These laws have profound impacts on the humans they target: those who already find themselves marginalized by a society that has never fully stopped being hostile to LGBTQIA+ folks. And of course they most intensely impact those with intersectional identities (such as women, racial minorities, those living with disabilities, the unhoused, and the poor) who are subject to overlapping systems of oppression. These laws also embolden vigilante violence by right-wing extremists such as those terrorizing drag performances with AR-15 assault rifles.
While the right accuses the left of engaging in “wokeism” and “identity politics,” they are busy legislating against citizens based on their identities. They are masters at projecting their own intentions. So, make no mistake, LGBTQIA+ rights are human rights! We in the LGBTQIA+ community will not go back to being treated as “less than.” These laws are travesties. They should be struck down by the courts as unconstitutional. Barring that, there should be federal civil rights legislation that would preempt and override them and guarantee civil rights to all LGBTQIA+ Americans.
As I look at all these headlines, one thing that I can’t help but notice is the way that all of these laws seem focused on the performance of gender, and insist that gender be performed in the most traditional of ways. A recent example of the Republican obsession with traditional gender roles came up last month, when Senator Josh Hawley published a book titled Manhood: The Masculine Virtues America Needs. Hawley is most famous for raising a fist in solidarity with the insurrectionists on January 6, 2021, only to be seen on video hours later running from the Senate chamber in fear for his life. This book seems designed to lean into the cultural grievances that inspired that failed coup. The response from critics across the political spectrum has been withering. In Slate, Rebecca Onion said that, “like almost everything Hawley does, the book is an epic disaster,” while in the New York Times conservative columnist David French noted an irony in the fact that “the group that is most convinced of a crisis of masculinity, the American right, is also busy emasculating itself before our eyes.” Both make good points, but I think that Hawley’s focus on masculinity—and the targeting of trans people and drag performers in legislation across the country—are part of a larger strategy, and one that is to some degree working. They are changing the subject and throwing up smokescreens.
I think the comedian Wanda Sykes has it exactly right when she says, “Until a drag queen walks into a school and beats eight kids to death with a copy of To Kill A Mockingbird, I think you’re focusing on the wrong shit.” The fact is, an obsessive focus on gender and the villainization of trans people are wedge issues designed to distract and deflect from the real problems of our day. These politicians do everything they can to keep drag queens in the news, so that voters will remain distracted from the disastrous and escalating consequences of our insane gun laws, the efforts to roll back reproductive freedoms, the need to grapple with energy policy and climate change, their growing efforts to ban books they disagree with, and the widening seams of inequality that are rending the fabric of our nation.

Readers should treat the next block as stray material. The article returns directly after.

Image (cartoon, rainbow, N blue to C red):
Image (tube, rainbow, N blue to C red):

Perhaps most importantly, the way these issues are framed seems intended to distract from the humanity of the LGBTQIA+ individuals who they directly impact. According to The Trevor Project’s 2021 National Survey on LGBTQ Youth Mental Health, 52 percent of LGBTQIA+ youth seriously considered attempting suicide in the past year. This is what we should be talking about and working to solve—not who uses what bathroom.
It is not the first time that revanchist forces have succeeded in rolling back the civil rights of newly enfranchised people, and just as in previous eras it is only the dedicated and passionate work of activists and teachers and protester—of true citizens—that will turn the tide. So I call on you to join me in celebrating Pride Month. Be proud; be brave; march and be vocal. I think it is all of our duty to pay attention to and resist this latest onslaught of bigotry, homophobia, and transphobia.
Together, we can continue building on the legacy of Stonewall. We can keep building a nation and world where all are protected by the law, and all feel proud to hold their heads high and share their identities, confident in their safety from arrest and violence, not just in June, but every day of the year.